At this point I’m a quarter of the way through the book and more than a bit overwhelmed. It turns out that Mason gets off on using his power for good and has hired his vulnerable mother a whole host of hard luck cases to take care of her. At one point, when Alice has an argument with another care worker and threatens to fire her Faith says: “Don’t be mean. It costs a small fortune to get a green card. She needs this job.” Well, so long as the girl gets something out of this lets not worry about the client.
The book gets more cliché-ridden from there. Having Faith and the girls around gives Alice a new lease on life. It opens the eyes of Mason, who realizes that averagely pretty women with two dependents are a way better bet than a supermodel beautiful woman who’s brilliant and successful. Faith’s oldest daughter realizes that nerds who help animals and train service dogs are way better people than hot jocks. The Bellamy money solves all Faith’s problems and it’s okay because she keeps her pride and assures them she doesn’t want to be a charity case. The happily ever after at the end of the story makes every Disney Princess film you have ever seen look like some sort of reality movie.
However, the happy-happy joy-joy feel to the story wasn’t my biggest issue. It was a problem but my real issues are the following: Poverty is not a virtue. Poor people can be virtuous and many are, but deliberately paupering yourself to prove you don’t love filthy lucre is not a virtue. Not accepting a helping hand from social services is not a virtue, especially if it means that your vulnerable children will be homeless. Not getting a green card after you marry an American citizen isn’t some kind of proof of love. It’s lazy and irresponsible – and freaking illegal! I mentioned these things above but I just felt like they bore repeating. Having the above lauded as some sort of proof of the heroine’s greatness definitely didn’t endear her to me.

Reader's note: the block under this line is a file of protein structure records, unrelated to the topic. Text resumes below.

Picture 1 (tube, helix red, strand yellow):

There’s not much to say beyond what I’ve already mentioned. The characters are all saintly; even Alice, who finds out bad news on top of being severely handicapped, realizes that life is beautiful and she has no right to complain. And there’s no point talking about the plot which is all sunshine and roses. The romance doesn’t even start till the last tenth of the book so there’s not much to say about that. The prose is good but Ms. Wiggs is an experienced pro and that was not a surprise to me. It wasn’t a comfort either as I read what seemed to be a saccharine day dream.
I love the romance genre’s happy endings and I love a cheerful, sunny story. However, I felt this book was way too much of a good thing. That might not be the case for every reader since some are able to just accept things at face value. If you are like that, if you can just go with the flow, then you will easily enjoy this book. If you are not, then I think you might have the same issues that I did.